Centre for Law Crime and JusticeJohn Fitzsimons Memorial Students 2014-15

In 2014-15, (the first year of full operation), three John Fitzsimons Memorial Scholarships were awarded.  It is hoped that further awards with higher levels of assistance will be made in subsequent years

Here the three students explain what the award of a John Fitzsimons scholarship means.

James Hannah, LLM in Professional Legal Practice Student

FM student As a young child I suffered an illness which hampered my learning experience. I therefore left school at 16 years without fulfilling my full education potential. Years later I returned to education as a mature student to study law. At the time I was able to work whilst studying, and care for my two sons as a single Dad, but as the recession kicked in I lost the job which was funding my degree. I thought of packing in the course, but managed to find alternative work, which although a drastic cut in wages, enabled me to finish the degree with honours in 2013. I was able to complete the Diploma in Professional Legal Practice and graduated in 2014.

Four years at University took its toll on my financial situation and because of my age in a very competitive environment, securing a traineeship especially in criminal law and/or human rights was difficult. I decided I would need an edge over my fellow law graduates and was told of the LLM in Professional Legal Practice by the University. There would have been no way for me to undertake this course however, given my family circumstances and financial commitments. Then I was made aware of the John Fitzsimons Memorial Scholarship and I applied.

I am very grateful for the help that the Memorial Fund has afforded me because it has meant I could undertake this course of study. Without the John Fitzsimons Memorial Fund it would have been impossible for me to complete the LLM and reach my full potential and for that I am eternally grateful. I hope to be in a position in the future to contribute to the Fund, so that other people in the same boat as myself can be given the chance that otherwise would have escaped them.”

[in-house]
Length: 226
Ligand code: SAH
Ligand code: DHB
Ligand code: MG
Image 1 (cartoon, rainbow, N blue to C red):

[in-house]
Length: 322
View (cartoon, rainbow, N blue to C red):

Clare McBride, Part-Time LLB Student

When I received a letter informing me that I had received financial assistance towards my first year of the part-time LLB course I was really happy.  I am a working mother of three children. I  also have a carer's role for dependents within my family. Because of these personal circumstances I changed from a fulltime teaching job to a job share position. My salary and my husband's does not stretch very far, so finding the funding for the law course was very worrying.

I have always wanted to study law, but haven't had the opportunity to do this up until now. The funding from the John Fitzsimmons Memorial Fund has made things a lot easier for me when trying to find payment for fees and books for  the law course. Because of the family, and work responsibilities I have, my life can be very busy and very stressful. However, I really enjoy the law course, it's something for me, and it makes me really happy. I have met a lot of interesting and learned professors and many friends, have learned an awful lot about law in this first year alone, and I always look forward to my interesting evening lectures. All of this has been assisted greatly by the fund I received from the John Fitzsimons Memorial Fund. I am extremely grateful to the fund.